By doing this, if the indicator PL1 has not been lit, the operator recognizes that the input element C12 is in the off state and is not satisfied with the test command TNA of the corresponding input instruction TNA 150. Then, in order to check whether the input element C12 acts as an output element in another sequence block, the operator depresses the contact key 33 and the search key 32 successively to instruct the data processor 21 to carry out the third operation for searching and displaying an output instruction YON 150 having the address data 150 which is stored in the input address register IAR.

More particularly, when the contact key 33 is depressed, the flag FB is set in step 66. Subsequently, when the search key 32 is depressed, the processing of the data processor 21 is advanced to step 69 to reset the flag FB and to step 78 through 77, because the flag FA has not been set. In step 78, the address data 150 stored in the input address register IAR is transferred to the output address register OAR. Then, the data processor 21 in step 81 searches the program storage area PSA for the output instruction YON 150 having the address data 150 which is stored in the register OAR. If the output instruction YON 150 is not found, the input instruction indicator PL2 is lit in step 83, so that the operator recognizes that the input element C12 corresponding to the input instruction TNA 150 prevents the energization of the output element 01.

However, if the output instruction YON 150 is found in step 81, the instruction YON 150 and the on-off state of the corresponding output element 02 are displayed, as shown in FIG. 6(d), through the execution of steps 85-96. Subsequently, the operator depresses the search key 33 for instructing the data processor 21 to carry out the second operation to thereby display an input instruction TNO 30 and the on-off state of the corresponding input element C21, as shown in FIG. 6(e). Then, if the input element C21 is satisfied with the command TNO of the input instruction TNO 30, the operator depresses the search key 33 repeatedly until he finds an unsatisfied input instruction. To the contrary, if the input element C21 is not satisfied, the operator depresses the contact key 33 and the search key 32 successively to instruct the data processor 21 to carry out the third operation so as to check whether there is an output instruction YON 30. If there is not such an output instruction YON 30, the input instruction indicator PL2 is caused to be lit as shown in FIG. 6(f), while the display devices AD and CD remain unchanged, so that the operator can recognize that the input element C21 corresponding to the input instruction TNO 30 is the cause of the machine trouble.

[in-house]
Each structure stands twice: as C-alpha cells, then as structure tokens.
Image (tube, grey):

However, if there is an output instruction, the above mentioned second and third operations will be repeated until the operator finds an input element which is the cause of the machine trouble.

Accordingly, the operator is able to find the cause of the machine trouble by a simple manipulation such as depressing the contact key 33 and the search key 32 without designating address data.

It is to be noted that, if only the search key 32 is repeatedly depressed, input instructions and one output instruction, which define a sequence block are repeatedly displayed in turn by means of the flag FC. For example, after an input instruction TFA 25 shown in FIG. 5 is displayed, the output instruction YON 100 is displayed by depressing the search key 32. At the next depression of the search key 32, the input instruction TNA 10 is displayed by executing steps 71-73, because the flag FC has been reset in step 96. Accordingly, the instructions TNA 10, TNA 150, TFA 25 and YON 100 are orderly displayed when the search key 32 is repeatedly depressed. Therefore, it is possible to check the input elements repeatedly by such a simple manipulation.

FIG. 7 is a flow chart of another embodiment of the present invention which is capable of indicating whether an input element is satisfied with the test command of the corresponding input instruction. The processing steps of this embodiment are modified to have steps 90a-90g instead of the step 90 of the first embodiment of the present invention as described above. The remaining steps are the same as the first embodiment.

When the output instruction YON 100 is designated by the numeric keys 30, the data processor 21 reads in step 90a the command YON of the output instruction YON 100 so as to determine whether it is an output instruction. If it is an output instruction, a test flag FD of the buffer memory 22 shown in FIG. 8 is set in step 90c.